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Unless otherwise specified, the descriptions of sources in this section are extracted from Pierre-Etienne Will and collaborators, Handbooks and Anthologies for Officials in Imperial China: A Descriptive and Critical Bibliography, 2 vols., Leiden: Brill, 2020
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TitleLongjin fengsui pan 龍筋鳳髓判 [Dragon-Sinews and Phoenix-Marrow Decisions]
Topic2.3 Judicial cases: historical casebooks
Historical periodAntique and Medieval period
Reprint (year of)2005
AuthorZhang zhuo 張鷟
CollectionLidai panli pandu 歷代判例判牘
Number of volume1
Place of publication北京
Publication typePrint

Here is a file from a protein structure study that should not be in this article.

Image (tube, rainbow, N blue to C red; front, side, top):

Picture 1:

The title “Quintessential Decisions” has been proposed. Although the work has been described as the earliest known complete collection of officially approved judicial cases, only the names being fictitious (see intro. to Lidai panli pandu ed.), it is in fact a collection of fictitious cases written as examination models, “writing decisions” (書判) being an important test for selecting officials through the quanxuan 銓選 procedure during the Tang—and indeed, in this kind of usage, a form of literary writing (文章). The pan in the Tang were “decisions,” or even “opinions,” in the general sense, i.e., dealing with difficult or dubious administrative cases of any sort. Therefore only part of the cases in the present work are of a judicial nature; others deal with administrative discipline, and still others are essentially policy proposals set in the form of memorials. The entries are arranged according to a list of about 50 civilian and military departments and offices belonging to the central government and imperial palace, starting with the grand secretariat (中書省) and ending with the bureau of gardens (勾盾署; the case is usually lacking for this last entry, though not in the two Beiping Mf. copies; the 1504 ed. announces two cases but has only one); there is either 1 or 2 entries per category (the numbers of cases and of administrative units differ slightly according to the edition, see above for examples). The “cases” concern either the mistakes or crimes of officials belonging to the institutions cited, or problems having arisen within their jurisdictions. Each entry features a short presentation of the problem at hand, followed by the text itself, set in flowery parallel-sentence style (駢文) and laden with literary and historical allusions. In the Liu Yunpeng recension, which was used for most subsequent eds., an abundance of explanatory notes are inserted in the text; likewise, the historical origin of each institution and its nature under the Tang are explained in a footnote at the beginning of each category. In the eyes of the Siku commentators, Hong Mai’s 洪邁 criticism in an entry of his Rongzhai suibi 容齋隨筆, to the effect that Zhang Zhuo is accumulating stories rather than deciding on punishment and discussing the law, is unjustified inasmuch as the work was composed for the sake of literary allusions, not of “established law” (本為隸事而作,不為定律而作). The commentators also remark that, whereas the early Song literary anthology Wenyuan yinghua 文苑英華 contains many such model judgments from the Tang period (its pan section runs j. 503-552), they are mostly unsigned; the only attributed collections are those by Zhang Zhuo and Bai Juyi (see under Baidao pan), the former emphasizing stylistic elegance (縟麗) and the latter, fluency (流利). (The bibliographical chapter of Xin Tangshu, 60/1618, lists three more titles, however, two of which are titled Baidao pan.)

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